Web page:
NRMLA Guidance on Ethical Advertising

 Unethical Advertising Practices to be Avoided

Following are unethical advertising practices that have been expressly identified by NRMLA’s Ethics Committee, through its Ethics Advisory Opinions and under the NRMLA Code of Ethics and Professional Responsibility (the Code).  All NRMLA Members are required to and do subscribe to the Code.  Code requirements apply to NRMLA Members directly, and NRMLA Members also are held accountable under the Code for the indirect actions of the vendors (including advertising and lead generation providers) they engage.

This list of the NRMLA Dirty Dozen of Unethical Advertising practices is illustrative of the requirements of the Code in this area, and not exhaustive.  Additional information about the Code and its requirements, and the Committee’s Ethics Advisory Opinions, and this Dirty Dozen list, may be found at www.nrmlaonline.org.

The NRMLA Dirty Dozen Unethical Advertising Practices List:

  1. Advertising HECM loan programs as a “Government Loan” or “Government Benefit,” or the lender’s loan as HUD or AARP “approved.”
  2. Advertising that a failure of a senior to respond will or may result in the loss of a consumer benefit to which the consumer is entitled.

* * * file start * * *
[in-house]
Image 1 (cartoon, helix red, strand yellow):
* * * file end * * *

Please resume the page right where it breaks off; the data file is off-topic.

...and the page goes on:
3. Advertising exaggerated or misleading benefits (such as “We (the lender) pay off your loan”), particularly without fairly describing related risks.
  4. Advertising celebrity testimonials or endorsements without  disclosing the paid nature of the arrangement.
  5. Advertising a requirement that another product or service (such as an annuity) also must be purchased from the lender in order to obtain a reverse mortgage loan, particularly if such other product or service also does not provide a bona fide advantage to the consumer.
  6. Advertising to a business partner unreasonably high compensation paid to it by the consumer through reverse mortgage loan proceeds, even if such compensation clearly and timely is disclosed to the consumer.
  7. Advertising, without equally prominent and conspicuous and accurate explanations and qualifications, that reverse mortgage loans are “no cost,” or “no fee,” or “no risk,” or “no expense,” or “require no payments.”
  8. Advertising celebrity testimonials or endorsements that do not reflect the honest opinions and experiences of the endorsers.
  9. Advertising that consumers are “pre-approved” or “pre-qualified” without also fully and clearly disclosing applicable approval and qualification conditions.
  10. Advertising in a misleading way that if a consumer does not promptly respond, he or she may or will lose or miss out on a limited opportunity.
  11. Advertising using simulated checks or currency.
  12. Advertising using HUD or FHA logos or names.

To View a PDF version of the Dirty Dozen, click here.